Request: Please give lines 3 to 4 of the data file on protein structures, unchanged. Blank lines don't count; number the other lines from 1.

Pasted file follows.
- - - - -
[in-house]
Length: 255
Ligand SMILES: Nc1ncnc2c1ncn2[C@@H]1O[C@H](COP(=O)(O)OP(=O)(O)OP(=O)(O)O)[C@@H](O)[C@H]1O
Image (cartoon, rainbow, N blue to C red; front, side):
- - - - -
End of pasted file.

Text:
Ligand SMILES: Nc1ncnc2c1ncn2[C@@H]1O[C@H](COP(=O)(O)OP(=O)(O)OP(=O)(O)O)[C@@H](O)[C@H]1O
Image (cartoon, rainbow, N blue to C red; front, side):